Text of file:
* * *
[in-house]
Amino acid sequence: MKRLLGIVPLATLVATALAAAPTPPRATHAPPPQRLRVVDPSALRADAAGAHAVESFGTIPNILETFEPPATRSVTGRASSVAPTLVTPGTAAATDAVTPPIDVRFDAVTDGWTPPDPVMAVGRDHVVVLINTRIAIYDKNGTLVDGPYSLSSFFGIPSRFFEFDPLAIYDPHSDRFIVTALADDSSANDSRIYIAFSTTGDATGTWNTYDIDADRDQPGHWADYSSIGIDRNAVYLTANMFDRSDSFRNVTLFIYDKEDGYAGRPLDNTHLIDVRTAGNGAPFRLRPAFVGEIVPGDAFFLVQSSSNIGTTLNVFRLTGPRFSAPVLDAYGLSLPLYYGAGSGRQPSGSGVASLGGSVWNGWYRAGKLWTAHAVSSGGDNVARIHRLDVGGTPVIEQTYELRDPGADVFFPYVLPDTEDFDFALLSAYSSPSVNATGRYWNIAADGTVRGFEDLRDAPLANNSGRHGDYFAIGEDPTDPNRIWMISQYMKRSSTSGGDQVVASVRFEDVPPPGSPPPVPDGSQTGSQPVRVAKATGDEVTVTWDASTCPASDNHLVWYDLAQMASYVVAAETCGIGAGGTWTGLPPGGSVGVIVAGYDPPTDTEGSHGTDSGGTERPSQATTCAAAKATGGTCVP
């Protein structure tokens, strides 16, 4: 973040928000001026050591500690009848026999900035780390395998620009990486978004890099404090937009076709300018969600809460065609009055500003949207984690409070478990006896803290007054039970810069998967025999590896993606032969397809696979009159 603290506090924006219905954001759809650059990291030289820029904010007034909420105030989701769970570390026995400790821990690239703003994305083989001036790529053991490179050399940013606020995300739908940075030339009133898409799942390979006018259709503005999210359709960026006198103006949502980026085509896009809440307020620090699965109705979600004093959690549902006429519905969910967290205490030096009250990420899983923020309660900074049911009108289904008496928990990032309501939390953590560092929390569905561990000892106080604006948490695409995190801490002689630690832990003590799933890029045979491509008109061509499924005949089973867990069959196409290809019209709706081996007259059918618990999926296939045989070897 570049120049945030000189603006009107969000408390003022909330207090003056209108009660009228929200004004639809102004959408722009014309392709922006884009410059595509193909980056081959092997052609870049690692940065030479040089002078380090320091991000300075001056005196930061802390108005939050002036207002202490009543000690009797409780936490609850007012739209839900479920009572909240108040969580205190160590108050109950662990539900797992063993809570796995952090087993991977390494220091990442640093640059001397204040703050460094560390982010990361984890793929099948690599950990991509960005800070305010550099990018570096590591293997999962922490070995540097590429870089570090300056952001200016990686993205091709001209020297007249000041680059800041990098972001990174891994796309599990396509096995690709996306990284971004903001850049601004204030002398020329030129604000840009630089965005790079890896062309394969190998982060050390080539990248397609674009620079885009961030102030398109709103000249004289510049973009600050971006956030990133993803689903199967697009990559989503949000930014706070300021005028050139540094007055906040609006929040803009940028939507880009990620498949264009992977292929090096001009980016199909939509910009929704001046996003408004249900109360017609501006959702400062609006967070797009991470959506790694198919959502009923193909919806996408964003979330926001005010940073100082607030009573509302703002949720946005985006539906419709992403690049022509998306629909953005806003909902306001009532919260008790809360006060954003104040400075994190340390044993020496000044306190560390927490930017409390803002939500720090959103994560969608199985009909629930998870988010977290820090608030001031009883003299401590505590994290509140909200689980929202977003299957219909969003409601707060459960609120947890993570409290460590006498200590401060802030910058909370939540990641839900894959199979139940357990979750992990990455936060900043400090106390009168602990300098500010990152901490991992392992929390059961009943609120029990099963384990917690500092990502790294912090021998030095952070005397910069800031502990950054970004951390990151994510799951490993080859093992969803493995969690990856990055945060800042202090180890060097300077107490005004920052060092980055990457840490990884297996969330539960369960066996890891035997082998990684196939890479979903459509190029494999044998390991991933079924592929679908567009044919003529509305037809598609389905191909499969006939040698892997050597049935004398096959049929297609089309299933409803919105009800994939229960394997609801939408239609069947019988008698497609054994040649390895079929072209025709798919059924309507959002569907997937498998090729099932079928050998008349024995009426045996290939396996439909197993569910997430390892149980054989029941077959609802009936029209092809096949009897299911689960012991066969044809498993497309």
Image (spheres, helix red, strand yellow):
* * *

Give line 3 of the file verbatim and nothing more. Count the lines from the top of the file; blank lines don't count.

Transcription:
């Protein structure tokens, strides 16, 4: 973040928000001026050591500690009848026999900035780390395998620009990486978004890099404090937009076709300018969600809460065609009055500003949207984690409070478990006896803290007054039970810069998967025999590896993606032969397809696979009159 603290506090924006219905954001759809650059990291030289820029904010007034909420105030989701769970570390026995400790821990690239703003994305083989001036790529053991490179050399940013606020995300739908940075030339009133898409799942390979006018259709503005999210359709960026006198103006949502980026085509896009809440307020620090699965109705979600004093959690549902006429519905969910967290205490030096009250990420899983923020309660900074049911009108289904008496928990990032309501939390953590560092929390569905561990000892106080604006948490695409995190801490002689630690832990003590799933890029045979491509008109061509499924005949089973867990069959196409290809019209709706081996007259059918618990999926296939045989070897 570049120049945030000189603006009107969000408390003022909330207090003056209108009660009228929200004004639809102004959408722009014309392709922006884009410059595509193909980056081959092997052609870049690692940065030479040089002078380090320091991000300075001056005196930061802390108005939050002036207002202490009543000690009797409780936490609850007012739209839900479920009572909240108040969580205190160590108050109950662990539900797992063993809570796995952090087993991977390494220091990442640093640059001397204040703050460094560390982010990361984890793929099948690599950990991509960005800070305010550099990018570096590591293997999962922490070995540097590429870089570090300056952001200016990686993205091709001209020297007249000041680059800041990098972001990174891994796309599990396509096995690709996306990284971004903001850049601004204030002398020329030129604000840009630089965005790079890896062309394969190998982060050390080539990248397609674009620079885009961030102030398109709103000249004289510049973009600050971006956030990133993803689903199967697009990559989503949000930014706070300021005028050139540094007055906040609006929040803009940028939507880009990620498949264009992977292929090096001009980016199909939509910009929704001046996003408004249900109360017609501006959702400062609006967070797009991470959506790694198919959502009923193909919806996408964003979330926001005010940073100082607030009573509302703002949720946005985006539906419709992403690049022509998306629909953005806003909902306001009532919260008790809360006060954003104040400075994190340390044993020496000044306190560390927490930017409390803002939500720090959103994560969608199985009909629930998870988010977290820090608030001031009883003299401590505590994290509140909200689980929202977003299957219909969003409601707060459960609120947890993570409290460590006498200590401060802030910058909370939540990641839900894959199979139940357990979750992990990455936060900043400090106390009168602990300098500010990152901490991992392992929390059961009943609120029990099963384990917690500092990502790294912090021998030095952070005397910069800031502990950054970004951390990151994510799951490993080859093992969803493995969690990856990055945060800042202090180890060097300077107490005004920052060092980055990457840490990884297996969330539960369960066996890891035997082998990684196939890479979903459509190029494999044998390991991933079924592929679908567009044919003529509305037809598609389905191909499969006939040698892997050597049935004398096959049929297609089309299933409803919105009800994939229960394997609801939408239609069947019988008698497609054994040649390895079929072209025709798919059924309507959002569907997937498998090729099932079928050998008349024995009426045996290939396996439909197993569910997430390892149980054989029941077959609802009936029209092809096949009897299911689960012991066969044809498993497309």